Say what you want about the sport/utility vehicle being nothing more than a gas-guzzling, fear-inducing road hog that belongs in a marina because it's too big for parking spaces. You can even rename it SBV for sport/brutality vehicle.

But don't try to argue that these enormously popular people movers are the best thing that ever happened to the steel industry just because they jacked up demand for steel at a time when competing materials such as plastics and aluminum were gaining momentum.

"I say plastic is the best thing that happened to the steel industry. It kicked us in the ass and got us moving," says Darryl Martin, director of automotive applications for the American Iron and Steel Institute.

"Some might say we were complacent, but we recognized we had to do something. We had to rejuvenate steel from a ponderous beast to a progressive and aggressive type material," Mr. Martin says.

The industry responded by developing high-strength steel, tailored blanks, laser welding and hydroforming to improve efficiency, cut weight and step up the performance of steel.

Automakers are applying the innovations, not only on performance and luxury cars, but on a growing number of high-volume, low-priced vehicles as well, with even greater efficiency.

Despite these developments, the amount of steel used in a typical North American family vehicle (from small cars to light trucks) has climbed throughout the 1990s after a precipitous plunge during the 1980s as vehicles were downsized and migrated to lighter weight unibodies.

But one thing has been constant as the auto industry has evolved over the past 20 years: Steel's percentage of the curb weight of a typical U.S.-built vehicle has barely budged, from 60% in 1976 to 55% today.

American Metal Market reports that the average 1999 vehicle in North America will contain 1,821 to 1,825 lbs. (826 to 828 kg) of steel, an increase of 11 to 14 lbs. (5 to 6.4 kg) over 1998. Several new and restyled models are bigger and roomier than models they replace. Some have been beefed up for structural or safety reasons.

The top-of-the-line version of the new Ford Windstar minivan, with a fourth door, weighs 4,270 lbs. (1937.7 kg), 269 lbs. (122 kg) heavier than its predecessor, which didn't have a fourth door.

AMM also reports that because high-strength steel and tailored blanks often cost more than the grades and forms they replace, the steel industry could earn higher profits from the average '99 vehicle. This despite continued OEM pressure to cut costs.

The world's steelmakers, however, are not celebrating, especially after a 54-day strike at General Motors Corp. that will affect the bottom line for all GM suppliers.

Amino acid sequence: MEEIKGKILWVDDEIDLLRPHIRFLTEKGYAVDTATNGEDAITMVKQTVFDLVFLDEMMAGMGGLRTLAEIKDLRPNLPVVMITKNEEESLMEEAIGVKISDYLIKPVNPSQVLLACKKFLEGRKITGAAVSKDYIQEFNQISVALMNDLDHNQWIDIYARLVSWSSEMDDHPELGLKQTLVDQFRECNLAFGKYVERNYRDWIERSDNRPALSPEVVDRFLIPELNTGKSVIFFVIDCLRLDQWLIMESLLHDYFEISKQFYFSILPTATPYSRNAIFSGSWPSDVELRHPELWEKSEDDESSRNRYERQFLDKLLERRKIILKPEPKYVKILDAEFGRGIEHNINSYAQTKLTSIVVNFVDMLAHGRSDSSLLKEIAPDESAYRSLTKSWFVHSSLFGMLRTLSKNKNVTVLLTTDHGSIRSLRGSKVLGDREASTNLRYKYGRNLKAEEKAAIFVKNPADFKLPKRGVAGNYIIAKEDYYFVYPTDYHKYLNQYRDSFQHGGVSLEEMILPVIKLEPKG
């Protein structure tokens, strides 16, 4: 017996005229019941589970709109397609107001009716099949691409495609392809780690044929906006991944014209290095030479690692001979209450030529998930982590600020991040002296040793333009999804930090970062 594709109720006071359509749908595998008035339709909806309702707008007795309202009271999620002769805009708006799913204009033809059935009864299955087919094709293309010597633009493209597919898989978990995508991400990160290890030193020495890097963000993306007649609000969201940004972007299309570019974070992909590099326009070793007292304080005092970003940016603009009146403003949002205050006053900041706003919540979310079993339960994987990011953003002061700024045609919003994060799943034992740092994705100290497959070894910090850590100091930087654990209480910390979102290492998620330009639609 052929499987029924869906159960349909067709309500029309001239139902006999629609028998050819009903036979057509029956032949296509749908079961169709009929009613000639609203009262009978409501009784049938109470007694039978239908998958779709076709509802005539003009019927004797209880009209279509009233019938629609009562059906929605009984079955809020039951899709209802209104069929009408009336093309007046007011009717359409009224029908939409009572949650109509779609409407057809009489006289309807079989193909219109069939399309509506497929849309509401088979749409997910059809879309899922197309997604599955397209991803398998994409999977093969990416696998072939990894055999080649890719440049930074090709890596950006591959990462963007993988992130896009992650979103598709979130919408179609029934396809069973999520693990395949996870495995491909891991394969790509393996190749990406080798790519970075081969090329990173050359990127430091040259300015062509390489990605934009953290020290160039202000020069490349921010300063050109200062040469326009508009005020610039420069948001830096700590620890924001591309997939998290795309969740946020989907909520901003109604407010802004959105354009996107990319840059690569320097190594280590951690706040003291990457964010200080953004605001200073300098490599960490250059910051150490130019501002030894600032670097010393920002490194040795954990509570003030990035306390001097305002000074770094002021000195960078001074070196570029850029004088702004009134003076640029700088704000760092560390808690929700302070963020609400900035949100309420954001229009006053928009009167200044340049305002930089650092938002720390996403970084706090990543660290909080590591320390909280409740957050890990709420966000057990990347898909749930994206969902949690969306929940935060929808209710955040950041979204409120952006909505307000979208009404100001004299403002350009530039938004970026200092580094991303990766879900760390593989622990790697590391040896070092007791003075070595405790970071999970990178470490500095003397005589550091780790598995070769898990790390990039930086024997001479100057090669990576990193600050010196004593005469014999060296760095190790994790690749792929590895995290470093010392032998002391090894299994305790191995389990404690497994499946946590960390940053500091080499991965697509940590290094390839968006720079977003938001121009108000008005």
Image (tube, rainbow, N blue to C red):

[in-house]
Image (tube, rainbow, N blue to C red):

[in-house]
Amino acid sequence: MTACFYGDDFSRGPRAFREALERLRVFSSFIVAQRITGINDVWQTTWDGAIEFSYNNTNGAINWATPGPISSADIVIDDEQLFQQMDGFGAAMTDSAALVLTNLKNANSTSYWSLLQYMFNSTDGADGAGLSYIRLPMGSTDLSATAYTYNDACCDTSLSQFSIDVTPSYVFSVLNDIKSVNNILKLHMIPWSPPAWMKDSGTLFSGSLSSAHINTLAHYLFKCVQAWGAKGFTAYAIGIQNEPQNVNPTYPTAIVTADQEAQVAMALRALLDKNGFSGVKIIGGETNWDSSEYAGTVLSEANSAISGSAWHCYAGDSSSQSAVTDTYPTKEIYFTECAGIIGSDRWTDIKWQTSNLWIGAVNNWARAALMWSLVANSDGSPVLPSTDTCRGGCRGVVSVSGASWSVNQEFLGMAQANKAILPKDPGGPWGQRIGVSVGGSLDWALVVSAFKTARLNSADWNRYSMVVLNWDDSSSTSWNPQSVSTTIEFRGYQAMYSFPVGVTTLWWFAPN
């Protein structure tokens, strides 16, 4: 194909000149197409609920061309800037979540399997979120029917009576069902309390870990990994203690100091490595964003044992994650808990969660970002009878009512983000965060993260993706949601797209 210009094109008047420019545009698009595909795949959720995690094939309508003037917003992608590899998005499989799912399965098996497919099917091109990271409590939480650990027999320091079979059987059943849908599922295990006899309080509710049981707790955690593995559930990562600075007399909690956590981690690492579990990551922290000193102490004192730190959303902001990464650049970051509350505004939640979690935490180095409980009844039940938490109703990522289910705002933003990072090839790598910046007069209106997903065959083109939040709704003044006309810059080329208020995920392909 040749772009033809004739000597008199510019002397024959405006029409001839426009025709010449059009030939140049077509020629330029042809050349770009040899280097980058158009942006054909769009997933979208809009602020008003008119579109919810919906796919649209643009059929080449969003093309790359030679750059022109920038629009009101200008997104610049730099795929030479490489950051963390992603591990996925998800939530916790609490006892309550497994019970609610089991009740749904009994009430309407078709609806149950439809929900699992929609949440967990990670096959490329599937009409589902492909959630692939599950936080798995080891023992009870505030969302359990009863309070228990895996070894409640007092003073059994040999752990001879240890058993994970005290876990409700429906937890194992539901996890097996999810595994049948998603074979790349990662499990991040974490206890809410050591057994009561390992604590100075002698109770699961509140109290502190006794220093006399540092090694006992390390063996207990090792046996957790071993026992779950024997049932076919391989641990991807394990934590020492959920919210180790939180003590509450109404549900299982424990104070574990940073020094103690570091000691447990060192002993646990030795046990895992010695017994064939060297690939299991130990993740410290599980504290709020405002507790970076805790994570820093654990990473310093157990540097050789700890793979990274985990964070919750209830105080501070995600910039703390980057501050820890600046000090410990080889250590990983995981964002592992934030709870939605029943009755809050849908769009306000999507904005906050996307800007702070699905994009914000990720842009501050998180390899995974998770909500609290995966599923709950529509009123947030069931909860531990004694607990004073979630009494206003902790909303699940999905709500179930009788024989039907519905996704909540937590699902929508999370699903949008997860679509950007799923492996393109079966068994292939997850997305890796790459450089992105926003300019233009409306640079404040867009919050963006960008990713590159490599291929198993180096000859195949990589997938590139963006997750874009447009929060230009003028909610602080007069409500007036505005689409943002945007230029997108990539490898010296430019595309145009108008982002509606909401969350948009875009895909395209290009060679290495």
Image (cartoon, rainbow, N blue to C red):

Steelmakers know that automakers' unquenchable thirst for lighter, cheaper, faster and better creates an alluring market for alternative materials to supplant steel's position as the material of choice for automotive production.

In fact, the steel industry's UltraLight Steel Auto Body consortium has a seemingly incongruous goal: to reduce auto-makers' need for their product. Steel executives have come to realize that the best way to preserve their stronghold is to help carmakers use their material more effectively.

The 35-member consortium has spent $22 million and four years to build a body-in-white at least 25% lighter than a typical midsize car. It meets tests for crash, torsion and bending, yet it costs no more to build than typical auto body structures in its class.

Twelve prototypes have been built and are being reviewed by automakers around the world.

Now, ULSAB is being expanded to reduce weight in suspension systems and closure panels such as doors, hoods, decklids and hatchbacks. Insiders say steelmakers may collectively spend up to $60 million on the additional study. But other steel executives downplay the figure and say it's too early to predict how much money will be spent.

Pete Peterson, director of marketing-automotive for USX Corp.'s U.S. Steel Group, tells attendees at the early August University of Michigan automotive conference in Traverse City, MI, that ULSAB has taught steelmakers plenty about competition - not with each other, but with suppliers of alternative materials.

"If the forces of competing products and technologies (in our case aluminum and composites) have the possibility of dramatically reducing the size of the market pie, you are better off reducing it yourself. And doing it in such a way that the threat of further encroachment is substantially reduced or even eliminated," he says.

"Eventually, as the global automobile industry continues to expand, the global demand for steel will surpass its high water mark, and we can all enjoy the added volume."

Speaking of added volume, steel purchases by Toyota Motor Corp. and its suppliers will reportedly climb by at least 48,000 tons per year starting with MY 2001 as Toyota is expected to build a new line of SUVs at its new Princeton, IN, assembly plant.

Maybe the SUV isn't so bad after all.